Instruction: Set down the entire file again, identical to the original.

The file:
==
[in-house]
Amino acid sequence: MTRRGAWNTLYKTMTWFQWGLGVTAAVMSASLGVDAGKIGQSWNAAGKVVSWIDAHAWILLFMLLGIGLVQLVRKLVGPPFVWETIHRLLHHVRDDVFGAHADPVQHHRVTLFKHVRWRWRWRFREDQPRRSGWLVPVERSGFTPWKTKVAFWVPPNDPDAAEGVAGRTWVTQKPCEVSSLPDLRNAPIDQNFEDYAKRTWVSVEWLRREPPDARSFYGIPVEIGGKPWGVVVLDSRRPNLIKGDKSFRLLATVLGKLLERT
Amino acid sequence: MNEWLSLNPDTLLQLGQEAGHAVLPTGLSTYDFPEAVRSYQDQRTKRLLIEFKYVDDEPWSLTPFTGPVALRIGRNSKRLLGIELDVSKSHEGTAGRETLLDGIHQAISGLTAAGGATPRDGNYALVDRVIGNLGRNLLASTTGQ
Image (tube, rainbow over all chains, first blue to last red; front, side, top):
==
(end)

[in-house]
Amino acid sequence: MTRRGAWNTLYKTMTWFQWGLGVTAAVMSASLGVDAGKIGQSWNAAGKVVSWIDAHAWILLFMLLGIGLVQLVRKLVGPPFVWETIHRLLHHVRDDVFGAHADPVQHHRVTLFKHVRWRWRWRFREDQPRRSGWLVPVERSGFTPWKTKVAFWVPPNDPDAAEGVAGRTWVTQKPCEVSSLPDLRNAPIDQNFEDYAKRTWVSVEWLRREPPDARSFYGIPVEIGGKPWGVVVLDSRRPNLIKGDKSFRLLATVLGKLLERT
Amino acid sequence: MNEWLSLNPDTLLQLGQEAGHAVLPTGLSTYDFPEAVRSYQDQRTKRLLIEFKYVDDEPWSLTPFTGPVALRIGRNSKRLLGIELDVSKSHEGTAGRETLLDGIHQAISGLTAAGGATPRDGNYALVDRVIGNLGRNLLASTTGQ
Image (tube, rainbow over all chains, first blue to last red; front, side, top):